It was getting dark; nearing 6 o'clock in the evening. There was a boy in a small apartment building. He sat in the livingroom, with walls painted red. There was a 46" TV in front of him. But he didn't watch TV; instead, he sat on the black, pleather couch, and looked out the window. He watched the birds tweeting and flying by. He found them to be interesting creatures, the way they spoke to each other in their own language, and went about their day, doing their business. Creating homes, collecting grubs. The boy did this often; just sat and did nothing but think, as he had a lot of time on his hands.

His name was Timothy Jefferson; though most called him "Timmy" or "Tim" for short. He was a 24 year old boy, but not many knew that. Not only because he was so reclusive, but also because he didn't look his age; he looked to be closer to 18. He was short, only 5 feet tall. He was average in weight, just a little bit extra. He wasn't muscular. Neither was he masculine, aside from his goatee, sideburns and his military-style hair cut. He was quite feminine everywhere else; he had big, bright blue eyes with long lashes. He had soft and full pink lips. His skin was smooth and milky white, except when blushing, where he'd turn beet red. He wore the clothes of a young boy; usually comic-book or movie shirts unless he was going out somewhere special. He was a kind-hearted and sweet, generous person but most people couldn't see past his odd behavior and mannerisms. All during school, he was made fun of for the way he looked and the different way he behaved. "Geek" they called him, "homo" they called him. "Why don't you talk?" they'd ask. They'd referred to him as an "idiot" and picked fun at him for not being able to play sports properly.

Timmy was a bit slow. Not that he wasn't intelligent; he was even a genius in some areas. Though when it came to living in the real world, out there with people, he had a lot of trouble. He was such an anxious, fearful person; so much so that he was put on anxiety medication and even then, the anxiety remained, just to a lesser degree. Because of his anxiety, he still didn't have his driver's license and he hadn't built up the courage to get a job until he was 24 years of age.

As Timmy watched the birds, he suddenly heard a car pull into the drive-way; his brother had come home from work, to the apartment they shared.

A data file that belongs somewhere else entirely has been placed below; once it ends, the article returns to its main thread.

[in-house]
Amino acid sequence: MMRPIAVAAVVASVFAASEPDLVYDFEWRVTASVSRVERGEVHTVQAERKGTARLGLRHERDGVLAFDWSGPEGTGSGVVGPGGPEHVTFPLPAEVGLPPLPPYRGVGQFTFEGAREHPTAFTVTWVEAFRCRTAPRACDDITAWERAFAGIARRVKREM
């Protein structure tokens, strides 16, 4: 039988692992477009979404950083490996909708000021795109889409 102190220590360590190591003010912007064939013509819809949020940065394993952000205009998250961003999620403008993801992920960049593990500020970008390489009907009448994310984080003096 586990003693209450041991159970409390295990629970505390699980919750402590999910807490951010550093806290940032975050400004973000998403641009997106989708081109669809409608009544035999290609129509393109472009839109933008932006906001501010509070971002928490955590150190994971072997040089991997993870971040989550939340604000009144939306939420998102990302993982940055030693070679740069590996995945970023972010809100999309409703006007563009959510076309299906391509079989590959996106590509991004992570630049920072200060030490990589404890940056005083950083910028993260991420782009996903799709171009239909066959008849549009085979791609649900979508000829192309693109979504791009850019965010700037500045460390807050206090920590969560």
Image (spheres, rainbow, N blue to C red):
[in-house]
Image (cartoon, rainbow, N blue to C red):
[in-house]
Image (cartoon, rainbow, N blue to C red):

Timmy's brother's name was Jack. He was the opposite of Timmy; he was taller, had black hair and brown eyes. He was masculine and muscular and wasn't afraid of anyone or anything. He was actually quite aggressive when it came to certain things. He worked in a warehouse called "Greeting Cards of Tomorrow" and had been there for 6 years; he was introduced to the place by his best friend of 12 years, Sam.

Jack walked through the door and put his dishes from work in the sink. He then took a plate off the counter - food Timmy had made for him - and made his way into the living room. He kicked his steel-toed shoes off and sat down on the couch beside his brother, then turned the TV on and began to eat.

"You just sitting here?" asked Jack, almost accusational.

"Yeah. I was thinking," responded Timmy. "How was work?" he asked.

"Eh. Work. What's up?" Jack questioned.

"I ended things with that guy on the internet," Timmy said.

"Oh yeah?" Jack asked.

"Yeah. I can't be with someone like him. He wants me to move there. I can't move to another state, I've not even really worked yet, unless you count the coffee shop. It's just not meant to be. He's putting too much pressure on me. He's refusing to take no for an answer. Plus, he's just... the negativity is getting to be too much for me, and all the expectations... Like, I don't even live with him. We're just two people on the internet. He can't expect that much from me. I don't want to live on the internet just because he does. I'm sick of it. I want to live in the real world, with people around here. People I can see, and hear, and touch. Even though I don't really have anybody except you, mom and dad. No friends. I want friends. I want... I want something real. I hate being stuck in this house, in these four walls. I feel trapped, like... like I'm a prisoner," Timmy went on.

"Yeah, I don't blame you. I used to feel like that when I was unemployed," Jack said.

"Yeah. I want to start living. I'm tired of hiding, waiting for my life to start. It's not going to start on it's own. I gotta do something. I want to get things going. I wanna have money, you know? I want to be able to help you pay for this place. I feel like a mooch. I wanna be able to go out and do things and have actual friends. I'm sick of doing everything on the internet, dude, I seriously am," said Timmy.

"Why don't you get a job?" Jack responded.

"I... don't know if I can handle a job. I'm so damn anxious," Timmy said.

"Come work with me, I'm telling you. Greeting Cards of Tomorrow isn't like that coffee shop. You don't have to work with customers here, you don't have to be put on the spot. It's easy where I work. You just pick product, pack product, ship product. I'd teach you how to do all of it. They'd hire you on as a temp, we need temps right now, it's the busy season. And if you can't do it, no big deal. You can leave. It's not permanent," said Jack.

"Yeah. Yeah, that's true. I should give it a shot, at least," Timmy replied.

"Atta boy. I'll help you through it. I'll get you the number for the temp agency," Jack said.

About a week later, and Jack had helped Timmy to get the job; he was hired on as a temp for Greeting Cards of Tomorrow.

To Be Continued...

Author's Comments:

Hello. Let me know what you think of this first chapter. It'd be greatly appreciated. Thank you.